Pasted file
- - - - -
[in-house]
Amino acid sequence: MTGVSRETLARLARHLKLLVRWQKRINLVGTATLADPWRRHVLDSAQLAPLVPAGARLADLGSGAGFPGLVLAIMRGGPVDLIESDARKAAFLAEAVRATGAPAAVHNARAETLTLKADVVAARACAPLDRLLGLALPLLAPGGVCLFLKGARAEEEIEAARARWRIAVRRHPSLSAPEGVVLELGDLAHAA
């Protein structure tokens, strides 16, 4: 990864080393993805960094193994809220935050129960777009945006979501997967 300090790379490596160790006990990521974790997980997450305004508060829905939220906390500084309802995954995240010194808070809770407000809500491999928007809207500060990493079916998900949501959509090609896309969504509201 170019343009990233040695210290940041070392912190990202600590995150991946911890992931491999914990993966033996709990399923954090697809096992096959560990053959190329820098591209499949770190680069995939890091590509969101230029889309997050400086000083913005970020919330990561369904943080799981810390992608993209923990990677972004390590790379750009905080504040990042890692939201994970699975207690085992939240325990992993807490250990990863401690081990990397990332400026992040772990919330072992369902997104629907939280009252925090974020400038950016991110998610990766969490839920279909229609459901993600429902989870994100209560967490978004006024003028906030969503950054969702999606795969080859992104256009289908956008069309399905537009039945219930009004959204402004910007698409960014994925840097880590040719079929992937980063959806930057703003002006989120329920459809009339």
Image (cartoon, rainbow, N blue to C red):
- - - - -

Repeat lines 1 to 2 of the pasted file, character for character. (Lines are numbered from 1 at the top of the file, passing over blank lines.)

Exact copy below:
[in-house]
Amino acid sequence: MTGVSRETLARLARHLKLLVRWQKRINLVGTATLADPWRRHVLDSAQLAPLVPAGARLADLGSGAGFPGLVLAIMRGGPVDLIESDARKAAFLAEAVRATGAPAAVHNARAETLTLKADVVAARACAPLDRLLGLALPLLAPGGVCLFLKGARAEEEIEAARARWRIAVRRHPSLSAPEGVVLELGDLAHAA